Template Creation Tips, Tricks and Troubleshooting

Things you should know and best practices for creating your .docx custom template

Take Small Bites!

Jinja2 is a powerful scripting language, but syntax is strictly enforced and debugging can be challenging if multiple errors are present. Test early and often, and save your test templates with versioning to make reversion to a known-good state easy.

Comment Your Code

Jinja2 supports commenting, either inline or multi-line. Commenting out sections of code is a very useful method for debugging. Use the following syntax:

{# Your comments here #}
{#
Everything between the brace/hash comment syntax will be commented out
#}

Use Indenting To Format Your Code

When creating a template, Word is your text editor. But that doesn't mean you shouldn't use standard code hygiene. You will find yourself using deeply nested conditionals to iterate and search for values in your PlexTrac data - indenting will help you identify where you haven't properly closed a conditional statement.

Tip: From the Home Ribbon, select the arrow at the bottom-right of the Paragraph sub-menu:

Next, choose the "Tabs" button and change the default tab stops to 0.2". This will prevent your code from wrapping once you are several layers into a conditional nest.

Learn to Use Macros (Functions) Early

Jinja2 supports the use of functions, which it refers to as "macros." Macros make it easy to re-use code within your document, and make troubleshooting easier by reducing the number of potential occurrances of a bug. Samples of macros can be found in the code library.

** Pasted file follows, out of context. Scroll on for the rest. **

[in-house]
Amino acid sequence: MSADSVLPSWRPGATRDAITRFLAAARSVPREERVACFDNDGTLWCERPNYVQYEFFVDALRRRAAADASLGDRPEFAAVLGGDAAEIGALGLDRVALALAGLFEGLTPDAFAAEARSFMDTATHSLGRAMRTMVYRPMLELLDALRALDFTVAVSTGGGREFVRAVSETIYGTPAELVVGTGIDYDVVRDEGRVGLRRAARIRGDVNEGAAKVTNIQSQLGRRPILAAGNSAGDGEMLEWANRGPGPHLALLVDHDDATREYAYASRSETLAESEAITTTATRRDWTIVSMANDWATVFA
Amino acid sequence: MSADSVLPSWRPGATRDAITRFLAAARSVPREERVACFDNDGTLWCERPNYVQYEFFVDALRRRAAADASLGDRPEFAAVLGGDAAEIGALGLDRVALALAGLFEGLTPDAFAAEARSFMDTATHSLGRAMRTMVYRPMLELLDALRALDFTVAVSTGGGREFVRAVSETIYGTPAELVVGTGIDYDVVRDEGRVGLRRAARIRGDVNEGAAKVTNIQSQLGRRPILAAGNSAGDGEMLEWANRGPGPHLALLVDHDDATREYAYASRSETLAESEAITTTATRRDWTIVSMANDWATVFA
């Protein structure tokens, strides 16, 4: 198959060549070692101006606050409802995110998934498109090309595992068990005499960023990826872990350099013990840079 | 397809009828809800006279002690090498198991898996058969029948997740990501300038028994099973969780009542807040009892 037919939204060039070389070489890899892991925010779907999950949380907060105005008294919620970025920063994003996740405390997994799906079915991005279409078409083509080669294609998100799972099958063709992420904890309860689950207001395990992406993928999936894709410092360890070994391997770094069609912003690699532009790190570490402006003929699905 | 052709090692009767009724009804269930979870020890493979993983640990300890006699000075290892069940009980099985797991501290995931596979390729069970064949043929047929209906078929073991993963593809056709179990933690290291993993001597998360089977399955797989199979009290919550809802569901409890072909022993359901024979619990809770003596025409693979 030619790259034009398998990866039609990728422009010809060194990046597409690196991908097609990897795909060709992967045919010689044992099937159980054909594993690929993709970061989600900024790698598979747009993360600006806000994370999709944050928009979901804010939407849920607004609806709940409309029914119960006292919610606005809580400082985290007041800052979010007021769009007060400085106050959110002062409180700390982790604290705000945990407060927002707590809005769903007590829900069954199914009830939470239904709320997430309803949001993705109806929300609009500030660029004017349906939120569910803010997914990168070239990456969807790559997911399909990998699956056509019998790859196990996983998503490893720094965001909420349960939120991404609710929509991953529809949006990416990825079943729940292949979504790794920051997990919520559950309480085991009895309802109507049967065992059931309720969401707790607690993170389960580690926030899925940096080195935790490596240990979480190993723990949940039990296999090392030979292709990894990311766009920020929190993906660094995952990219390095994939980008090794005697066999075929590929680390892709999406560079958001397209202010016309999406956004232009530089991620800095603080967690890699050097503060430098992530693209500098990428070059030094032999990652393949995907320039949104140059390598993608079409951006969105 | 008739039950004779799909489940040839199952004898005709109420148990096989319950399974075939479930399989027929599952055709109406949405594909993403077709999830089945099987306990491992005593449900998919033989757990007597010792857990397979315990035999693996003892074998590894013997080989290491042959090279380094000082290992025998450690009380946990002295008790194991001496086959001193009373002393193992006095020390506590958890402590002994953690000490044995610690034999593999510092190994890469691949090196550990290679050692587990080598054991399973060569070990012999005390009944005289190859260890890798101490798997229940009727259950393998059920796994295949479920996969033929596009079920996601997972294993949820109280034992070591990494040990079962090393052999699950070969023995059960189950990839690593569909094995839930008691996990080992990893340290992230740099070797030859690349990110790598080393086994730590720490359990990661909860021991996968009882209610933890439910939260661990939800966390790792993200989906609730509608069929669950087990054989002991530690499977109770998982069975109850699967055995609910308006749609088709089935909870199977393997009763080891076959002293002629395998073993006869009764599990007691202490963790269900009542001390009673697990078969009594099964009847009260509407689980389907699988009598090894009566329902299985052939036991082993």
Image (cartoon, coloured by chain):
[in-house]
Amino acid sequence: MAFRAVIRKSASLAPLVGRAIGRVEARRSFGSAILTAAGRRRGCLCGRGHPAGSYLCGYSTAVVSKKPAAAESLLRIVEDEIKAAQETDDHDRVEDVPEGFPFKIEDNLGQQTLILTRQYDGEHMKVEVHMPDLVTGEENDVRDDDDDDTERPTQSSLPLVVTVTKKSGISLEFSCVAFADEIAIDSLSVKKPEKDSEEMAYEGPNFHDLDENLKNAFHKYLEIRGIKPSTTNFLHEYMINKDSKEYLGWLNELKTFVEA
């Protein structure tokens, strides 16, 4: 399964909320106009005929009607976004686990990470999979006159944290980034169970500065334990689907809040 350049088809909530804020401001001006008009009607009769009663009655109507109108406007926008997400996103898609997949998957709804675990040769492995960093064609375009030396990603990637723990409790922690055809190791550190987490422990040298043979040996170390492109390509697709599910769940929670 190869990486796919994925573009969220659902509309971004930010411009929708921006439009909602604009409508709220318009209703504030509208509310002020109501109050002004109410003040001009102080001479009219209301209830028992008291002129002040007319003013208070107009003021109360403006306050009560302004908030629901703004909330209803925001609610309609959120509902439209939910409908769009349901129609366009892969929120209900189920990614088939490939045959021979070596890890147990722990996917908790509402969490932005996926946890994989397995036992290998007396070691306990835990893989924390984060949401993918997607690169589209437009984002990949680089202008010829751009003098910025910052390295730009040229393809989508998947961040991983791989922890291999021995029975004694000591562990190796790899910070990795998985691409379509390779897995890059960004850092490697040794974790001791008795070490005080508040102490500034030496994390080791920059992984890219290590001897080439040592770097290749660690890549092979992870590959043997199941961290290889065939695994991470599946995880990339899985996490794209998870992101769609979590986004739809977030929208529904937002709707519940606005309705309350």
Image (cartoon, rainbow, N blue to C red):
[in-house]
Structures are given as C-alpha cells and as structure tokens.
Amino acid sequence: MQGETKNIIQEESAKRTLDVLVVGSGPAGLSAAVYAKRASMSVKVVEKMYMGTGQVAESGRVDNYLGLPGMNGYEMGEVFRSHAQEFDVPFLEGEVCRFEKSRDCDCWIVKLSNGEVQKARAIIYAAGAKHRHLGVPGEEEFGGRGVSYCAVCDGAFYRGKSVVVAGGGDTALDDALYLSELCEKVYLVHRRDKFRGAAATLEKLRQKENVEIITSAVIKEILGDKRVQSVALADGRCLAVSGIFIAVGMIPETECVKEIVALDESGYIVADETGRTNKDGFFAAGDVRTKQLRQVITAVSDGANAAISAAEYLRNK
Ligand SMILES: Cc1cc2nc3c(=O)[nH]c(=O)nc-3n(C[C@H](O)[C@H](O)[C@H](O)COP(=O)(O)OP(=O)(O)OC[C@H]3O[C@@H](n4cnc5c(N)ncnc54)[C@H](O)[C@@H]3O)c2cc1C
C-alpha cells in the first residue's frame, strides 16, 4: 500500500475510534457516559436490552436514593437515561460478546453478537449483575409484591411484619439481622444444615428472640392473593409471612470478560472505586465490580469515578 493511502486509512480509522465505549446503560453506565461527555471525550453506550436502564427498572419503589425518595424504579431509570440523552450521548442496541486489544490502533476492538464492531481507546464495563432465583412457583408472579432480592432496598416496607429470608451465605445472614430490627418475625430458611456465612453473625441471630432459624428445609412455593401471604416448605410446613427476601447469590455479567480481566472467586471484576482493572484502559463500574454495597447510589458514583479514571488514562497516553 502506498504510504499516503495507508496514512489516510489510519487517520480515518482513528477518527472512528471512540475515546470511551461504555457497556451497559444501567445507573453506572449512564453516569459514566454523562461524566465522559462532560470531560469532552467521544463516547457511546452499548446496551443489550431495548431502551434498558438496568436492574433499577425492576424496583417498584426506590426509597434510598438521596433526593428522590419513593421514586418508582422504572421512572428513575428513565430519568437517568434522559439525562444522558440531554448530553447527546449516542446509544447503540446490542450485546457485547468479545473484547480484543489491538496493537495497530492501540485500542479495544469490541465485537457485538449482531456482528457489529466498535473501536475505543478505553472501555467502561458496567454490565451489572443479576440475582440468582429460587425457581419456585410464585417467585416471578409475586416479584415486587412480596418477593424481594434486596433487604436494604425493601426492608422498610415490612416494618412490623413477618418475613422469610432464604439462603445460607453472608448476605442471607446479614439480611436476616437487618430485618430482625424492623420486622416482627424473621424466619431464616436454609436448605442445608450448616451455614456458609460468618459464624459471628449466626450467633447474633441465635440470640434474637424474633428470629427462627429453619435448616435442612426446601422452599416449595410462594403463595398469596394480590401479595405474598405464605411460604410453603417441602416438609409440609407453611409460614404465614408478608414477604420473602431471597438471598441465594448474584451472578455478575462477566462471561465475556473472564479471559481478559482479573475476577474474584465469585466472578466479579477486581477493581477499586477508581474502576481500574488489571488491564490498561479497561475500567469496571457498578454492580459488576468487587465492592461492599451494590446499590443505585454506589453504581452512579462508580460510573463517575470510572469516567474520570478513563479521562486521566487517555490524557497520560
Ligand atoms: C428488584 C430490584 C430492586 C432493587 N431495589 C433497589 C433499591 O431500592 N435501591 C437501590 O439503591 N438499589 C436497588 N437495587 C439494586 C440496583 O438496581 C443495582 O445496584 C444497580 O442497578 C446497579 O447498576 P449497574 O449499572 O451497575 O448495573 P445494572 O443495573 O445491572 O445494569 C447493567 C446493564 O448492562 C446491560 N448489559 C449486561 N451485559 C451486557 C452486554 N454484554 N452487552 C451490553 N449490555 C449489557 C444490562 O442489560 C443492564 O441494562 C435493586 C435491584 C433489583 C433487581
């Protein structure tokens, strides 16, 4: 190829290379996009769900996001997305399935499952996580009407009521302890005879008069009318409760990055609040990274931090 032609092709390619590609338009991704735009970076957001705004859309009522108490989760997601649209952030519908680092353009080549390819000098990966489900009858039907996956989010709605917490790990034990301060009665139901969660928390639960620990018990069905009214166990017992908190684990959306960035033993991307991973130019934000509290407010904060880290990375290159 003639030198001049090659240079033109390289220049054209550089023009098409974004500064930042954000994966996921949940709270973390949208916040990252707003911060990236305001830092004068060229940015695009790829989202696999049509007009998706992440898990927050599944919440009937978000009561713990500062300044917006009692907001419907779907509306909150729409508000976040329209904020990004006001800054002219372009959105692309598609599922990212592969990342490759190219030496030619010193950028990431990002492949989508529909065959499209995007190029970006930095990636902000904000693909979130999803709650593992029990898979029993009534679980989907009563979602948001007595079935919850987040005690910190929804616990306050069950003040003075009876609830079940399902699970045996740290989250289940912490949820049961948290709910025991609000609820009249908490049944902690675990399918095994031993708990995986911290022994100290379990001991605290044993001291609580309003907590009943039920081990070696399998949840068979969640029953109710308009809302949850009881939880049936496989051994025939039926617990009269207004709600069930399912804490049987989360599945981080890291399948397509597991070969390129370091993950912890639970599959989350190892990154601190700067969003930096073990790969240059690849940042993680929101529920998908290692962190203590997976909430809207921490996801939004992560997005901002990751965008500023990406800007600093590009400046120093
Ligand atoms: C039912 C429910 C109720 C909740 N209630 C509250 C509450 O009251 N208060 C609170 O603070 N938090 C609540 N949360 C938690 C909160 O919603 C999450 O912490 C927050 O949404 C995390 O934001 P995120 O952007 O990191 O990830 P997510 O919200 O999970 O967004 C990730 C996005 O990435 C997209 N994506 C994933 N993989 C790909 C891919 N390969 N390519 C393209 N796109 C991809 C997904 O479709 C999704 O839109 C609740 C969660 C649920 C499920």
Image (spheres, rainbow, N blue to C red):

Understand Common Errors

Incorrectly Terminated Conditionals

The most common error occurs when a conditional statement is not correctly terminated. There are several possible causes for this error.

Curly Brace vs. Brackets

Most Jinja2 commands begin and end with some variation of a curly brace and a percentage sign. It is common to accidentally use a bracket instead of a curly brace:

{%p if "Recommendation" in item.label %} {# Correctly terminated command #}
{%p if "Impact" in tag %] {# Incorrectly terminated with a bracket #}

If you suspect this bug, using the Find feature in Word to search for "#]" can often help you locate the bug.

Terminating Without the "p" Modifier

Jinja2 commands will result in the insertion of newline characters into your export if the commands are not escaped using the "p" modifier immediately after the percent symbol. In some circumstances, closing the conditional (using endif, endfor, etc) without the p modifier can result in the conditional statement not closing:

{%p if tag == "initial_access" %}
{{ tag.value }}
{% endif %} {# this should be closed with {%p endif %} #}

Nonetype References

Anytime that you are referencing a field which is optional (e.g. References, Affected Assets, any custom field), you should include code to check for the presence of the field before attempting to reference it. If you attempt to reference a field that does not exist, you may encounter a "Nonetype" error. For example, this code:

{%p for reference in p.references %}
{{ reference }}
{%p endfor %}

will throw the following error if any findings do not have a value in the References field: